A new pilot school has opened near Changi Airport, boosting Singapore's status as a key training centre in a region where there is growing demand for cockpit crew.
Housed in a six-storey facility at Changi Business Park Crescent, the S$95 million Haite Singapore Aviation Training Centre is owned by China-based aerospace firm Haite Group.
Catering mainly to airlines in South-east Asia, it has two flight simulators and aims to add five more over the next five years. With seven simulators, it will be able to provide about 50,000 training hours a year.
Haite Singapore managing director Marc Nadeau expects to secure its first airline customer over the next few days but declined to say which one.
It is the group's first such facility outside China where it currently trains more than 2,000 pilots and flight crew each year for airlines such as Air China, China Eastern and Philippine Airlines.
With airlines buying more aircraft, it is estimated that more than half a million new pilots will be needed globally in the next 20 years. Four in 10 are expected to be hired by Asian carriers.
Singapore Technologies (ST) Aerospace also has a pilot training arm and in the first quarter of next year, Singapore Airlines and aircraft manufacturer Airbus will open their new pilot school at Seletar Aerospace Park.
Mr Nadeau said: "We have some very big players in the region but each player has its own particular role. We are addressing not just the commercial aviation market but also business aviation and the helicopter segment.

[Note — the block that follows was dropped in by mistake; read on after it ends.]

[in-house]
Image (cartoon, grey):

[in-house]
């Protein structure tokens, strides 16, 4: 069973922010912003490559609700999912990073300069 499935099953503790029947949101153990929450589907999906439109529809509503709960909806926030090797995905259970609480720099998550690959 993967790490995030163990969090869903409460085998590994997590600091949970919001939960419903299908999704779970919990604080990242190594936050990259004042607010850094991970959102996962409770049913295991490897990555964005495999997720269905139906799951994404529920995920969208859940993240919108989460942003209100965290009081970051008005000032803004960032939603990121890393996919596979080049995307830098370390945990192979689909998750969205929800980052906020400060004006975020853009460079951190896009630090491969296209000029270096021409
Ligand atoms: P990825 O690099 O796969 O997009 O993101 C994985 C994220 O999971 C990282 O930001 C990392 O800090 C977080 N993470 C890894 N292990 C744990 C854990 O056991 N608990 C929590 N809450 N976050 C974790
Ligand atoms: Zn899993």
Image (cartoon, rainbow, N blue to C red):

This is where we distinguish ourselves. We address all aircraft types and all aircraft segments."
Speaking at the official opening of the facility yesterday, Senior Minister of State for Transport Josephine Teo said Haite is a welcome addition to Singapore's aviation industry, which has more than 100 companies offering a full suite of services, such as aircraft maintenance and repair, parts distribution, and aircraft leasing.
Ms Teo said the firm's presence here "is a testament to Singapore's importance as an aerospace hub for the region and an excellent example of how we can partner Chinese companies to facilitate their international expansion, especially into the growing South- east Asian market".
This article was first published on April 22, 2015.
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